As I said in my previous blog post, sculpting a piece of natural barked wood can present some surprises that may require attention, re-construction or re-direction. Upon inspection of this particular piece of maple, I saw that there was a place on either side of it that had a ragged slightly splintered-off section. I wasn't sure if I wanted to keep them or not, so I decided to gradually shape or shrink them as the sculpture evolved. After removing some of the bark, I sanded and shaped the wood revealed beneath, creating a contrast of smooth and rough textures. This allowed me to begin the process of assessing and refining the side two elements.
As I began to refine and shape the elongated wood "tendril" on the left side I saw that it had an interesting way of echoing the contour of that side. After creating an opening at the "peak" to echo the opening of the branch hole, I continued to shape the area to the right of the tendril and, in doing so, I uncovered a small worm hole. Instead just of ignoring it, I tried to eliminate it by chiseling out more material but this revealed a cluster of worm holes. I ended up totally reshaping the area (I was pleased with the change), but it also exposed a splintery crack at the base of the tendril that made its survival doubtful. I was able to repair and strengthen the area by filling it with Quickwood (a mastic epoxy). This repair allowed me to continue to refine the shape of the tendril and the area around it.
The fate of the second side element, a smaller "tendril", was decided after a step by step removal of bark at the lower end and side of the piece. As I removed the surrounding bark, I also started to shorten the length of the tendril. Initially I thought that it could act to mirror the upper tendril on the other side, but eventually I decided that it did nothing to enhance the form of the piece and needed removal. Again I was faced with a structural dilemma - a crack at the base of the tendril necessitated removing a fairly deep chunk of wood. There was no going back. In the end, I was pleased with the results of my re-shaping and sanding efforts.
After applying a coat of satin polyurethane, I decided that the remaining area of bark was too uniform in texture. In order to vary the surface quality and break up the shape of the barked area, I smoothed out spaces at the top and bottom creating the effect of a raised bark oval around the branch hole. The side now felt complete. In my next blog post I will recount the evolution of the second side of the maple branch hole sculpture. Stay tuned!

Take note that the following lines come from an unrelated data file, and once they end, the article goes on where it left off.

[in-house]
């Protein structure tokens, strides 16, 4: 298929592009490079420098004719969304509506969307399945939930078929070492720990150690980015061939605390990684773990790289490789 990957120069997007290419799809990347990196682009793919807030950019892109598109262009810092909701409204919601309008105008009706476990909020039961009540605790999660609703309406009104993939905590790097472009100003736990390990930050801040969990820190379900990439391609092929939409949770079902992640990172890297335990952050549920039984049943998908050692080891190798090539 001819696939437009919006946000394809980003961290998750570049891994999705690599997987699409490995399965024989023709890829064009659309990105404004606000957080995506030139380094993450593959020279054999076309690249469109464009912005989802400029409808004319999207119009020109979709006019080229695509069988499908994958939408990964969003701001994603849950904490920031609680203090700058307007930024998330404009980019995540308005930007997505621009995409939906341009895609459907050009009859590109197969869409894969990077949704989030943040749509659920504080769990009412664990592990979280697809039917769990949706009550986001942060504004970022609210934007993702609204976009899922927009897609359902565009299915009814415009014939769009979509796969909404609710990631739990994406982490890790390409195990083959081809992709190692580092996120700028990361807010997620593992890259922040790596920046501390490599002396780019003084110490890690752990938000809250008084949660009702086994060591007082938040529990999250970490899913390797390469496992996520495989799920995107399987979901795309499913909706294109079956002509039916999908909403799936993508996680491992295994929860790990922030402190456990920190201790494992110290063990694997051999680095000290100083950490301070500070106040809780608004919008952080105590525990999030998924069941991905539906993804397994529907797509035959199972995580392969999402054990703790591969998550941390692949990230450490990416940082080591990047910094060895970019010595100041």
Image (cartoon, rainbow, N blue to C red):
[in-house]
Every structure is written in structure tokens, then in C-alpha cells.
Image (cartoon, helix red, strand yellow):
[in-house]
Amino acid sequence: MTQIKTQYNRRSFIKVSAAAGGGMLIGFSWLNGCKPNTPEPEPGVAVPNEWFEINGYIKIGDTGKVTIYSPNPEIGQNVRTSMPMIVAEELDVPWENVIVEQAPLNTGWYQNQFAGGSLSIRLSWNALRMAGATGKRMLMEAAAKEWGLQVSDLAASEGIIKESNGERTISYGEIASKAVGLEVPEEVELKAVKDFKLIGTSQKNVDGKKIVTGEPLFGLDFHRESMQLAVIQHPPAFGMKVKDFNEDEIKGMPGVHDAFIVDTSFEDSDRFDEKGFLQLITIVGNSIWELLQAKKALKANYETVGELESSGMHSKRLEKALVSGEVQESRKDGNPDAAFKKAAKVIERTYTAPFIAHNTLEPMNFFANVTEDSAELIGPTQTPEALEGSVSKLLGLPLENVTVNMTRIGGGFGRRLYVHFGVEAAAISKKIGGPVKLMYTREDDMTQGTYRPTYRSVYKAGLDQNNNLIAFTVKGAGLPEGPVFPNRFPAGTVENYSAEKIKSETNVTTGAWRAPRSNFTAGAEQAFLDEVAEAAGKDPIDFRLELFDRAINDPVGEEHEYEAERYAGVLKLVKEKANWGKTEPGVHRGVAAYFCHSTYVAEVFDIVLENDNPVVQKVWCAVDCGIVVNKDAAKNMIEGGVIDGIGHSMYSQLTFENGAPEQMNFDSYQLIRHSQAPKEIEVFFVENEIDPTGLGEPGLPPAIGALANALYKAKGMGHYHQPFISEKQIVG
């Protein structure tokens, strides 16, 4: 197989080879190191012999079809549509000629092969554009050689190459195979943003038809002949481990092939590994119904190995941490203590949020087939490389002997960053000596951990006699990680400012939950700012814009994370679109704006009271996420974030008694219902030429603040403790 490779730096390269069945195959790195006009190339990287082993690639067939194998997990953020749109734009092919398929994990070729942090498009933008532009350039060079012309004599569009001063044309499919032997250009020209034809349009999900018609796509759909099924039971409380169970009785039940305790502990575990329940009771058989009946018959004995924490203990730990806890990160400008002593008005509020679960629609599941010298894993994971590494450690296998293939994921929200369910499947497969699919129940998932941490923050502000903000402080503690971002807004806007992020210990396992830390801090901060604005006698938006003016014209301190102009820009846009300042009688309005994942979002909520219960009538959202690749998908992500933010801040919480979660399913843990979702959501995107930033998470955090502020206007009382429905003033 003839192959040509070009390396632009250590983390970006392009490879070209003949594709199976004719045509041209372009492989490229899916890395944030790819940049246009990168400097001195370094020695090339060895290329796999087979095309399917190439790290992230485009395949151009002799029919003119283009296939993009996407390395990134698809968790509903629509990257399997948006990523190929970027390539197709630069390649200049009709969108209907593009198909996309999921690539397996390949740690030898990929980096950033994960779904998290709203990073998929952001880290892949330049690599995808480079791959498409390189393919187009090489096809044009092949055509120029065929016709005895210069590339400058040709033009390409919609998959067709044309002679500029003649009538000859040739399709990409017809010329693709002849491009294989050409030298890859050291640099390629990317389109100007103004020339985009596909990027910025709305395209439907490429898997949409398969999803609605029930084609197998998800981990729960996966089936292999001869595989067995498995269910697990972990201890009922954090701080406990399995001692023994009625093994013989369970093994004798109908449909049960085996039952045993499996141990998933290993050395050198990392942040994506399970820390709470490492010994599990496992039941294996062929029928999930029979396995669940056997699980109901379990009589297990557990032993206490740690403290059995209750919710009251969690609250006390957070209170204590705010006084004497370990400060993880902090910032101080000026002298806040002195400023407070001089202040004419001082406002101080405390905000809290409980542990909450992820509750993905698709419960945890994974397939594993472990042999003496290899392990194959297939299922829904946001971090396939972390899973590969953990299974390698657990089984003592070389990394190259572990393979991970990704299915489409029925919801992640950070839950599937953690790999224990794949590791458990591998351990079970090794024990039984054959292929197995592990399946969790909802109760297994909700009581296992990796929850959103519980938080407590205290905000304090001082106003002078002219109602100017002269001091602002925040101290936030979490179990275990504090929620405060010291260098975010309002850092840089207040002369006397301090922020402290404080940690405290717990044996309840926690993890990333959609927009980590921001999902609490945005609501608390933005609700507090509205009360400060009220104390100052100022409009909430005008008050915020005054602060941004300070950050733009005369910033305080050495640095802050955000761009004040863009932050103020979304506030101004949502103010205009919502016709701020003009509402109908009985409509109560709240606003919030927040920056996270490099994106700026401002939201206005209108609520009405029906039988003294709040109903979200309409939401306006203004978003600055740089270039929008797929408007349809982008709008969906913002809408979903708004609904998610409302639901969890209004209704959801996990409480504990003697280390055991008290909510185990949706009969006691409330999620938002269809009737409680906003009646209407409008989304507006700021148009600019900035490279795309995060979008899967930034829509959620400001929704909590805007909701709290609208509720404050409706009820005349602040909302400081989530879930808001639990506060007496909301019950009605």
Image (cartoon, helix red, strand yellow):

They say a picture is worth a thousand words - I certainly hope so! I tend to take a lot of "in progress" photos while I work, but I think went a bit overboard on my latest piece. I was finding it a bit daunting to narrow down the number of photos for a blog entry, so I decided that this project would require a multi-installment approach. So here goes Side 1, Part 1.
As I looked around my studio for a project to fill the extended void of time and mobility created by the Covid-19 pandemic, my eye settled on a piece of natural maple that I had rescued some time ago from a pile of wood destined for the wood stove after yet another a tree trimming session. It not only had a perfectly round healed tree branch hole, but it had very interesting internal growth pattern on its reverse side that featured varied shapes, colors, and textures. And so ...I began.
The problem with random pieces of barked natural wood is that you never know what you will find once you start removing material, especially bark. It can cover a variety of welcome surprises and unwelcome complications... hidden worm holes, weak spots that, for better or worse, can alter your intended plan of action. The key to making progress is to remain flexible! In a subtractive sculpture, especially when working with a natural material that is a random shape and presents a variety of surfaces and textures, each time you chisel off a piece of material you are presented with a multitude of decisions that ultimately can determine the path you must follow to completion.
Side 1 presented me with a variety of minor decisions, like deciding how much bark to remove, and 2 major issues - one that required a repair to a structural flaw in order to retain a desired element and one that required extreme reshaping after falling prey to a hidden cluster of deep worm holes. The story will continue in my next blog posting...stay tuned!
Cynthia Smith, Maine artist, originally from Connecticut. Taught art at secondary level for 35 years, retired in 2004. Sculpts in bronze, wood, stone, clay & plaster. Her work can be seen at several mid-coast Maine galleries and shows.